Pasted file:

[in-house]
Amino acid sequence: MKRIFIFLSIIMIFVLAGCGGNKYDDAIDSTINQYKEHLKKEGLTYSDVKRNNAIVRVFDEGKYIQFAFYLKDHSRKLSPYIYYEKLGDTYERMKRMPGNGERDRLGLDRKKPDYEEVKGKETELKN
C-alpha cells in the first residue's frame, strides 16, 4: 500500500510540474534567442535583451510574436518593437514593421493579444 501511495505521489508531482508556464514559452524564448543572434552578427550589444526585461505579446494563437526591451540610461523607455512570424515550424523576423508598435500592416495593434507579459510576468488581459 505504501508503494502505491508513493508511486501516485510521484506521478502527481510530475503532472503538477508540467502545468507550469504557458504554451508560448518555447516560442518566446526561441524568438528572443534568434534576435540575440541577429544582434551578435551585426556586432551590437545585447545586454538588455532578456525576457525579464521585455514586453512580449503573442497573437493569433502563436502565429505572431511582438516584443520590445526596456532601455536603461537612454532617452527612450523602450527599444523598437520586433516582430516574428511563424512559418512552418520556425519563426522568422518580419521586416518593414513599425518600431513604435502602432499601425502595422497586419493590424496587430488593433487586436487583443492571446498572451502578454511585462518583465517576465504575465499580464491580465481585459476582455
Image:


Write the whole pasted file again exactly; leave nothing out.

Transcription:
[in-house]
Amino acid sequence: MKRIFIFLSIIMIFVLAGCGGNKYDDAIDSTINQYKEHLKKEGLTYSDVKRNNAIVRVFDEGKYIQFAFYLKDHSRKLSPYIYYEKLGDTYERMKRMPGNGERDRLGLDRKKPDYEEVKGKETELKN
C-alpha cells in the first residue's frame, strides 16, 4: 500500500510540474534567442535583451510574436518593437514593421493579444 501511495505521489508531482508556464514559452524564448543572434552578427550589444526585461505579446494563437526591451540610461523607455512570424515550424523576423508598435500592416495593434507579459510576468488581459 505504501508503494502505491508513493508511486501516485510521484506521478502527481510530475503532472503538477508540467502545468507550469504557458504554451508560448518555447516560442518566446526561441524568438528572443534568434534576435540575440541577429544582434551578435551585426556586432551590437545585447545586454538588455532578456525576457525579464521585455514586453512580449503573442497573437493569433502563436502565429505572431511582438516584443520590445526596456532601455536603461537612454532617452527612450523602450527599444523598437520586433516582430516574428511563424512559418512552418520556425519563426522568422518580419521586416518593414513599425518600431513604435502602432499601425502595422497586419493590424496587430488593433487586436487583443492571446498572451502578454511585462518583465517576465504575465499580464491580465481585459476582455
Image: